In this article:
The story of Susan and Angela illustrates why a training strategy without sufficient evidence collection and review will not consistently produce learning and training transfer.

A Tale of Susan and Angela

I want to share a story with you about an experience I had recently. I was working with a coach, let’s call her Susan, and three of her staff to help them make the upgrade from Wraparound to MiiWrap.  One of the staff members, let’s call her Angela, was newer. She had taken a standard wraparound workshop about 6 months before we started the process. The other two were much more experienced. Before we started, Susan told me that she wasn’t worried at all about pushing Angela to keep up with the other staff members, because Angela was such an excellent student during the wraparound workshop.

We got started, Susan and her experienced staff members had to take some time and practice with the earlier chapters that addressed the MI spirit and relational and change skills that were somewhat new to them.  They were all progressing at about the same rate and all making good progress.  Then they got to the chapters that described the integrated process.  The experienced staff are cruising through these chapters. They are clearly very experienced with wraparound, and are only having to slow down to learn the shifts and additions that MiiWrap brings to the process. Their discussions are rich and nuanced. 

Angela, meanwhile, is struggling to pass the basic quizzes. She doesn’t seem to “get it,” and she is having trouble with all of the exercises. When Susan and I started reviewing her essay questions, we discovered that Angela doesn’t understand why and how wraparound works. Not MiiWrap, which she was trying to learn, but wraparound.

Angela had been working with families for several months at that point. Susan made a systematic review of her notes and documentation so far, and realized she hadn’t been doing wraparound with any of them. Angela had enough of a wraparound vocabulary and personal charm to fake her way through debriefing meetings and such, but what she was actually doing was best described as intensive case management.

Susan was appalled that this had escaped her notice. I asked her what made her tell me initially that Angela was such a good student. She said that Angela always showed up to training on time. She always asked a few good questions every training session, and actively took notes.  She spoke enthusiastically about how powerful wraparound was, and how much she could see it helping her families. She talked the talk whenever anyone was listening. But she wasn’t walking the walk.

Susan should have been paying more attention to the actual work. But she has a demanding job, a lot of cases to oversee, and it fell through the cracks. Moreover, she did everything she was supposed to for her wraparound trainings. She scheduled them whenever she had a few new staff that needed training. She spent four days lecturing in front of PowerPoints and having group discussions to teach Angela’s class how to do wraparound.  She scheduled follow up meetings with every learner to discuss their experience one on one and answer their questions. This is a pretty standard model, that probably sounds familiar to many of you.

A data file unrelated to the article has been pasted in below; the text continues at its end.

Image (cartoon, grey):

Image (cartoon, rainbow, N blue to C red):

So why didn’t this work? And why didn’t Susan know Angela wasn’t learning?

Susan’s trainings, like so many, are a massive organizational production. They involve decks, worksheets, scheduling, finding the money to cover training hours, and more. They create the illusion of progress and growth because so much is happening. They don’t, however, have individual comprehension checks built in. They don’t create opportunities for the coach to see what the learner has learned or not at every step of the process. They don’t require the learner to ever commit something real to paper. They create the opportunity to learn, but never dig deep to find out if the learning really happened. All you have to do to complete the course is show up, be enthusiastic, and learn a few vocab words.

Traditional wraparound training methods assume that the learner has learned whatever you shared with them.  There is very little way to check that assumption besides asking the learner if they understand. Unfortunately, many people think they understand something when they don’t. Others say they understand because they don’t want to talk about it anymore.  A third group might say they understand because they don’t want to expose ignorance or weakness. Behavioral rehearsals can shed more light on the learner’s current skill level, but that requires a sharp eye and dedicated follow up by the coach. And this still doesn’t usually uncover basic knowledge and understanding gaps, because there are always so many excuses for a poor behavioral rehearsal performance.

You might be wondering why I am sharing this story. It’s not terrible flattering for anyone – but the lesson is a powerful one. MiiWrap (like Wraparound), is a complex process with lots of variable and moving pieces. You cannot memorize a list of steps and terms and then do MiiWrap. You have to master skills. You have to understand why things work so you can customize your approach and goals in the moment. You have to fundamentally change the way you think about your work and the people you work with. 

How do you do that? There are many ways, but they all boil down to collecting real evidence of learning at every step so you can intervene before small misunderstandings become major failings. Next week, we’ll talk about how we do that with our programs to give you a better idea of what we mean.



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